The eloquence of color charts

The eloquence of color charts

By Anne Varichon

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This essay was translated by Kate Deimling.

Every time I start working on a book I’ve been dreaming about, I’m amazed that no one has already written it. Then, after a few months of increasingly painstaking research, I realize: Of course, this is why!

All research is a long adventure, strewn with pitfalls and hemmed in by constraints. As I researched Color Charts: A History, three major challenges arose.

First of all, this field of research has been ignored—or even denigrated—by the social sciences for decades. Color was at best a non-topic. With only a handful of publications devoted to it until recently, there was still a great deal of ground to be cleared. After all, color doesn’t satisfy hunger, it doesn’t warm you up, it doesn’t enable you to climb a wall or even defend yourself. It’s an accessory, a superfluous quality. What’s more, in the West, color has long suffered from an ambiguous status, somewhere between mistrust and fascination. Like the English word conceal, color traces its etymology to Latin celare, “to hide.” Color is suspect because it conceals the nature or truth of things.

Secondly, exploring color sampling means questioning fragments. You can’t do anything with these little bits and pieces, and, taken out of context, they can’t say much. They look like trivial, mute, useless traces. 

Finally, many color samples come from the work of craftspeople or tradespeople. These activities required great intelligence and skill, but past generations often overlooked or dismissed them. So much of their material history has been neglected, if not simply destroyed. Few institutions or collectors have preserved it. 

This is why researching color sampling meant reconstructing entire worlds from scraps of fabric or daubs of paint.

Yet the anthropology of color is an incredibly rich field. Color has been with humanity since its earliest beginnings. As a clue to the environment (think of ripe fruit or threatening weather), color helps us decipher the world around us. It is also an outward sign for people and communities (in clothing, for example). It can define a culture in the eyes of others. Without a word, color speaks volumes: He’s dressed in red because he was born the son of the chief or I’m wearing yellow, I come from far away, I’m a foreigner. Finally—and perhaps most importantly—color is a source of emotions that can be profound, overwhelming, and sustaining.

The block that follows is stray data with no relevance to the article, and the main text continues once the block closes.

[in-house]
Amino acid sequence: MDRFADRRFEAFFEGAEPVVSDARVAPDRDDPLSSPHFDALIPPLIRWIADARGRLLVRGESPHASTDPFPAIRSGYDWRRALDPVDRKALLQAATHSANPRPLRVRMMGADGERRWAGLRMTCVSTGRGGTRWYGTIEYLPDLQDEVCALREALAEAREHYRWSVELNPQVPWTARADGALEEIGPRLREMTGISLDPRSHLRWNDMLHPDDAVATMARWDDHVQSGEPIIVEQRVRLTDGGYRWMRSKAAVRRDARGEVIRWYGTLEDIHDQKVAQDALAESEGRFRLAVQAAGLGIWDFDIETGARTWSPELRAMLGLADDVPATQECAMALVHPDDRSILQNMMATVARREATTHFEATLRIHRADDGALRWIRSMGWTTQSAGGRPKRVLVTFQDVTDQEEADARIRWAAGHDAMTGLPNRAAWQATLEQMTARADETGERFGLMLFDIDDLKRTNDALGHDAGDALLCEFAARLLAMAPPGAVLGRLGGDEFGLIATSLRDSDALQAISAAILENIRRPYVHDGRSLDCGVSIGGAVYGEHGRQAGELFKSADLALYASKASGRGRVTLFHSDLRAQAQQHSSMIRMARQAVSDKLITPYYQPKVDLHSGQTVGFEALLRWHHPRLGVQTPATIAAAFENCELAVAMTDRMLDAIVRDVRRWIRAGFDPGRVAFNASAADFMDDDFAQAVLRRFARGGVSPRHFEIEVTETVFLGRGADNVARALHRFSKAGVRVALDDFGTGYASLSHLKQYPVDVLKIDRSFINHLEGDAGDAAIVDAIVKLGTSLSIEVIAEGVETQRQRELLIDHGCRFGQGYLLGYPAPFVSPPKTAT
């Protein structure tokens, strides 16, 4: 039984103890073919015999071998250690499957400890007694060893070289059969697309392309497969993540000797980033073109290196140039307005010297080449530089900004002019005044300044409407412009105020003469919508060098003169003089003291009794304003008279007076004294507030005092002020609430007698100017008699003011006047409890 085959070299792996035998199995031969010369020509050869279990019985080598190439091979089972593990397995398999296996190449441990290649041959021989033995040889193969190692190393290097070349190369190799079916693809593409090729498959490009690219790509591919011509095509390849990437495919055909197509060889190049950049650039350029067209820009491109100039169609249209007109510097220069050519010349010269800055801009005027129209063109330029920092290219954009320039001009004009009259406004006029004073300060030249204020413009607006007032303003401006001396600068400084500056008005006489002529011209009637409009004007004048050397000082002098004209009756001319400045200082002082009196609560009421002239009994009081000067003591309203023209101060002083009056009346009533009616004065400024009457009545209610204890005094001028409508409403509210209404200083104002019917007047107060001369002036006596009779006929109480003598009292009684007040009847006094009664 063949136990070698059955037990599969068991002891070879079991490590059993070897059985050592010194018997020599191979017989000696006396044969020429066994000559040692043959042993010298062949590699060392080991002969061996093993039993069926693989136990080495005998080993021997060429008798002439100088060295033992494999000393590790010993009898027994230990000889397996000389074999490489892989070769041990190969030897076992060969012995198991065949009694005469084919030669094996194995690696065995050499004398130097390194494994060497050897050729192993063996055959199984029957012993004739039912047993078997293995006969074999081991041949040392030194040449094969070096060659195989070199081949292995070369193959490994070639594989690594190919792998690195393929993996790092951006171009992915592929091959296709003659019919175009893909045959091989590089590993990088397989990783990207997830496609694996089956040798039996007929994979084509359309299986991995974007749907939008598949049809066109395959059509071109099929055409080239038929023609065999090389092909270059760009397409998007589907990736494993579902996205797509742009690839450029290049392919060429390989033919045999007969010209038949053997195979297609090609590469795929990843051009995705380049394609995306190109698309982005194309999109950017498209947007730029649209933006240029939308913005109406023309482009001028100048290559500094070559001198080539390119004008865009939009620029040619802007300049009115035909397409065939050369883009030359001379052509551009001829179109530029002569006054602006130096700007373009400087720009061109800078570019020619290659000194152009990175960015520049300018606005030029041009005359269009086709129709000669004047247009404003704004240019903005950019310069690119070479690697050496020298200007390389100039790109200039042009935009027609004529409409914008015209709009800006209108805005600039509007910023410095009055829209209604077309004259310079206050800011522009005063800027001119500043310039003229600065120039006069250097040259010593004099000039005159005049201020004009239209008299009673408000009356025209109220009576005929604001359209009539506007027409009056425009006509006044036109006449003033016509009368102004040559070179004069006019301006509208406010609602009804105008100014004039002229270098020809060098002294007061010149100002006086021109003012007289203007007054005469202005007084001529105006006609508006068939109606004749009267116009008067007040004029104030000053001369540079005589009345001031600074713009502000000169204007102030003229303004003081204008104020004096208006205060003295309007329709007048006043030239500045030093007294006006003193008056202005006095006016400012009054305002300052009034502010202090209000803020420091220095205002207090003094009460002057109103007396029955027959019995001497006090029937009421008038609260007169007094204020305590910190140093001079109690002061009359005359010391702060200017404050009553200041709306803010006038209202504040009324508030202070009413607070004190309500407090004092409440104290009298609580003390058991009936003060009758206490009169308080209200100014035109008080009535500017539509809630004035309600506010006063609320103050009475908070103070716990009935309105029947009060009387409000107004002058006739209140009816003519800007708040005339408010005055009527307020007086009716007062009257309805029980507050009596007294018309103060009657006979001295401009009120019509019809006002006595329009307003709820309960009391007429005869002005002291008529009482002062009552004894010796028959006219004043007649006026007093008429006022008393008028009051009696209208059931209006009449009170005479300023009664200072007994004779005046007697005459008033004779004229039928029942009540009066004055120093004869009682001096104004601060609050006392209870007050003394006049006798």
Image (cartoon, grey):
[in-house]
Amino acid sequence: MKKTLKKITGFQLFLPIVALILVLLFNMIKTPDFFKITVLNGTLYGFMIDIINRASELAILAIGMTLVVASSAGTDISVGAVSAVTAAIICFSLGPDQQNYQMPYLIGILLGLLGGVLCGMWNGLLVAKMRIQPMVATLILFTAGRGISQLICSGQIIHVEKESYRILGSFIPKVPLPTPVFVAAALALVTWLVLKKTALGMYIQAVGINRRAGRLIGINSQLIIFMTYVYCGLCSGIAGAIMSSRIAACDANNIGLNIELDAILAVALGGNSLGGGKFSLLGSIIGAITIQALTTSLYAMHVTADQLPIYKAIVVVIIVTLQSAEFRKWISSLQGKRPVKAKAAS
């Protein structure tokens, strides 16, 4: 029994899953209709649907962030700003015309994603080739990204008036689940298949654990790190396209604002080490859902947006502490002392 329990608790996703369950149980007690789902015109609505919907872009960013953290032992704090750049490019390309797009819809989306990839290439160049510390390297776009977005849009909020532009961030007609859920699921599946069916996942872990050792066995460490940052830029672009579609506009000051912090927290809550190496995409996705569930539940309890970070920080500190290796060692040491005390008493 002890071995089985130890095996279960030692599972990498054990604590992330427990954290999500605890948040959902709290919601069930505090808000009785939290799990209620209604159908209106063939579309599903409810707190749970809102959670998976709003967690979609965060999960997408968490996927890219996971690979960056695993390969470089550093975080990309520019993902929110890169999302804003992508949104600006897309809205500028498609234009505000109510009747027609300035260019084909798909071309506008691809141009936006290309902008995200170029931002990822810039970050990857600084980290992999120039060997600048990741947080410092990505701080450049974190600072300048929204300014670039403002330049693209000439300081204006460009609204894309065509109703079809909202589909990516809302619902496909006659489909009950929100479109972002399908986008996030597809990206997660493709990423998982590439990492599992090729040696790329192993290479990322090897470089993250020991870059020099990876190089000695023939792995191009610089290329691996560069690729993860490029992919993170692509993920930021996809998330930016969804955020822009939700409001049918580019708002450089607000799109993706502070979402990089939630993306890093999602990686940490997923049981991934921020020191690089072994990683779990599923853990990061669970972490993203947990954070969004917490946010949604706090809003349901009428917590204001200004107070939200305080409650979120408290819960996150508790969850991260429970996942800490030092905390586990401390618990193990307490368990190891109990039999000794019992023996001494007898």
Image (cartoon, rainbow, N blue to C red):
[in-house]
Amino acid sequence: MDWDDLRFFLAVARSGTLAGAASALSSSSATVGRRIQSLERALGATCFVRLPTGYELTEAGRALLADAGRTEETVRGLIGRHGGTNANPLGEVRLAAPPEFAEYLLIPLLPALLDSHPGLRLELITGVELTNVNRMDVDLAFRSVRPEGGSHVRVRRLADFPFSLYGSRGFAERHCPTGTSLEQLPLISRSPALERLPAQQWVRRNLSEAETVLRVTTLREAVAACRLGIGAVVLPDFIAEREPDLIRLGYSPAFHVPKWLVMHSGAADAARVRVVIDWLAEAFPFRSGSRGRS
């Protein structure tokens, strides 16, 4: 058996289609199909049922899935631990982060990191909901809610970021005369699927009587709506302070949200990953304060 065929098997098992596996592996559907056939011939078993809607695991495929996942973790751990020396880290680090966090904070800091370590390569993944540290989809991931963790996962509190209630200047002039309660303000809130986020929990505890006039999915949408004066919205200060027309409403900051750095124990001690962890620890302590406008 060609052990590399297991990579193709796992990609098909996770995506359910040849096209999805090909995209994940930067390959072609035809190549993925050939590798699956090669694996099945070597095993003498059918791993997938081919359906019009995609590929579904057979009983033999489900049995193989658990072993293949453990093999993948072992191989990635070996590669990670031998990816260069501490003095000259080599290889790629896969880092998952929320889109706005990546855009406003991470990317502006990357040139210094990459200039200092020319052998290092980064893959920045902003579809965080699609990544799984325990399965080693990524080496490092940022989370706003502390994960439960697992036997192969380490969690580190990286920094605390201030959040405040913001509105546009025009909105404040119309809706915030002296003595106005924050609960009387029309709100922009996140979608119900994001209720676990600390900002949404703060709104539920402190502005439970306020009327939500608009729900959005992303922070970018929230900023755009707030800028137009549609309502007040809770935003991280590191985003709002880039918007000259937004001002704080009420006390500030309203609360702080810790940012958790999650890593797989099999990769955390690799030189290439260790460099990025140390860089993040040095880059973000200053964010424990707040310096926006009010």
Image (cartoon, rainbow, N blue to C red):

Since the dawn of time, humans have longed for color. It has given rise to an extremely sophisticated body of knowledge about the resources offered by nature. It has led to the development of skills ranging from the simplest to the most refined. Women have clearly played a central role. Women’s knowledge of color has been handed down over the centuries, often orally, expressing attention, determination, obstinacy, resistance, intelligence, and courage.

Through my research, I have deciphered color charts to reveal their historical, linguistic, aesthetic, and anthropological treasures. Carefully cut fabric, leather, paper, or rubber; strips of wood or linoleum; delicate skeins of silk; carefully placed circles of pigment, paint, or pastel; meticulous reproductions of the hues of urine, lipstick, or iris petals. Each color chart is its own world. At the same time, it brings back to life an individual and collective history, catalyzing scientific, technical, and artistic knowledge. Color charts are also interfaces. They have led to crucial changes in the way we think about color. Finally, they are physical traces of color as embodied in matter. They reconstruct an approach to color where the beauty of the shade was inseparable from its concrete presence in a medium. 

That world is gone. The history of color sampling is also a requiem. Synthetic chemistry combined with industrial processes and globalization have all but wiped out the old, diverse, full, fleshy, juicy conceptions of color. But this requiem also brings hope, because reviving this vanished splendor may help create the conditions for its re-emergence and reinvention. 

The color chart demands absolute rigor in the rendering of colors. At the same time, it becomes an aesthetic object, opening up the immensity of the imagination. Few tools offer such a vast and fertile space to explore, to think, to dream, and to feel. 

Anne Varichon is an anthropologist specializing in material cultures and ideas about color. She is the author of Colors: What They Mean and How to Make Them.